The credit crunch has been good for savers, with fixed-rate bonds paying well over the Bank of England base rate (currently 5.5 per cent). Banks and building societies have been falling over themselves to woo savers so they don't need to rely on the troubled money markets to raise funds. But with UK interest rates falling, a semblance of calm has returned to the markets. As a result, could the days of the high-paying bond be drawing to a close?
Not to judge by Alliance & Leicester's launch last Thursday of a fixed-rate savings bond paying 7 per cent.
"In theory these higher rates should be coming down," says Susan Hannums, savings manager at independent financial adviser AWD Chase De Vere. "However, the A&L offer might indicate that institutions still have massive funding needs."
Elsewhere, although there are still some good deals to be found, rates are generally falling.
"There has been a downturn in the past weeks, with six providers reducing rates by as much as 0.81 per cent," says Rachel Thrussell, head of savings at comparison website Moneyfacts.co.uk.
Typically, the bonds now paying a lower rate are those for one year or less. For example, Abbey has cut its six-month bond by 0.25 per cent, giving a current pay rate of 6.1 per cent. Birmingham Midshires has reduced its one-year fixed- rate bond by 0.3 per cent so it now pays 5.75 per cent.
These bonds are savings products that offer a guaranteed return over a set period. The best known are those issued by National Savings & Investments.
But Alliance & Leicester, with its 7 per cent rate, is the stand-out product, says Ms Hannums. "Savers should snap up the deal while they can because savings rates will come down this year."
Other accounts worth considering, she suggests, are London Scottish's one-year bond, which pays 6.85 per cent and requires a minimum investment of £2,000, and Stroud & Swindon's six-month deal, which has a rate of 6.81 per cent and requires a deposit of at least £500.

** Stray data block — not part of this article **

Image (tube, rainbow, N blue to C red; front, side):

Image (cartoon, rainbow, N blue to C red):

Some providers offer their best bonds only to existing customers. Nationwide building society, for example, launched a new range of fixed-rate bonds last week with different rates for members and non-members.
Its one-year e-Bond pays 6.25 per cent and is available online to anyone with a Nationwide FlexAccount. Those who aren't current account holders can get a one-year bond paying slightly less at 6.05 per cent.
As well as member-only deals, there are several other restrictions to look out for. Many fixed-rate savings bonds allow only a one-off lump sum to be invested, so you cannot add to the capital. And if during the term you need access to the money, you will probably be subject to a penalty such as loss of interest; in some cases, you may be required to close the account completely. So it is a good idea for customers to have a safety net of savings that are more easily accessible. Otherwise, breaking into a bond could cause their hard-earned returns to disappear.
Some providers will pay bumper rates to savers who commit not only to tying their money up for a set period but also to taking out another financial product. For instance, Abbey has a one-year Super Bond paying 8.1 per cent but savers also need to invest a minimum of £1,500 in an Abbey Guaranteed Growth Plan.
"One reason that linked products are being introduced is to increase both product holding per customer and the longevity of the relationship, so it makes sense for banks to offer such incentives," says Kevin Mountford, head of savings at comparison site Moneysupermarket.com. "The key question is, if you look beyond the lead product, do the others stack up?"